19
Jan 11

Steve Jobs and the Revolution Machine

With Steve Jobs out again on medical leave, the future of Apple automatically becomes the topic of the week (and possibly the year).

I’m concerned about Steve’s health, and wish him a speedy return. However, I’m not at all concerned about Apple’s health.

That’s because Steve’s most important accomplishment has not been any one revolution. It’s his design of a machine that manufactures revolution. That, of course, is Apple itself.

Steve started building the Revolution Machine the day he returned to the company in 1997. He well understood how Apple came to be in its near-death condition, and was determined to build a new company that would never be mediocre again. He didn’t waste a minute clearing out the dead wood, reorganizing and refocusing the troops. With iMac and subsequent products, he proved that Apple could defy all the dire predictions — but only if it entered a state of perpetual innovation.

He recruited the best and brightest, and made sure they’d never leave. (Stock options!) Now experienced over multiple revolutions, it’s the executive team that makes Apple do what it does. They share Steve’s passion, and they understand the difference between simply creating products and creating products people can love. Together, they’ve learned how to make a creative process repeatable.

Obviously, Steve’s vision is a unique part of the machine, and one that cannot be easily replaced. But his values have been instilled throughout the organization, and will be a guidepost for a long time to come.

That Steve has built a Revolution Machine is undeniable. His motivation is a bit more subjective.

Not to burst the critics’ bubbles, but he didn’t do it because he wants to take over the world, control our lives or become the richest man on earth. He did it because he loves Apple. He loves what the company stands for and feels responsible for those who work there. He wants Apple to thrive long after he retires from the scene, and remain a creative force around the world.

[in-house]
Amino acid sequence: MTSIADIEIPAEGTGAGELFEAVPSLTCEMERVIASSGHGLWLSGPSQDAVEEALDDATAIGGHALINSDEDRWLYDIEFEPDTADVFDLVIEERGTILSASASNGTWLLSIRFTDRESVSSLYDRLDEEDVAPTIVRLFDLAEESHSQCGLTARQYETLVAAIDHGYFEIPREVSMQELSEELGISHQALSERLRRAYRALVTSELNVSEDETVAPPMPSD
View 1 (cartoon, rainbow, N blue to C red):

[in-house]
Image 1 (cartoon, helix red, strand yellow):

With the Revolution Machine in perfect working order, the chances of that are pretty darn good.

At product launches, when Steve acknowledges his executive team and/or those who helped bring Apple’s latest innovation to life, he means every word. He knows that what Apple does could never happen without them. He also knows that it will keep happening with them.

All that aside though … get well, Steve.

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  • But for how many years will Apple remember these lessons without Steve there? As an example, Disney sure isn’t Disney anymore without Walt… I mean, Walt never would have allowed California Adventure to be created, and he certainly wouldn’t have allowed the money-losing Disney Stores to open up everywhere. And he would cringe at what is passing for entertainment on The Disney Channel.

  • Scott

    Well said as usual Ken. I think the group in place now is strong enough to keep the revolution machine going for years to come and have the ability to continue to higher great talent to insure that Apple stays on the right path. Disney is a whole other animal. Thankfully Steve is the majority share holder there.

  • ken segall

    What’s with all the Scotts?

    @Scott Rose:
    Fair point. It’s all conjecture, obviously. One difference is that Disney grew into a giant after Walt’s time. Apple’s already a giant — somehow it got that way by holding onto certain small-company values. Clearly they’ll be asking the “What would Steve do?” many years after Steve retires. And even then, smart people will disagree on the answer.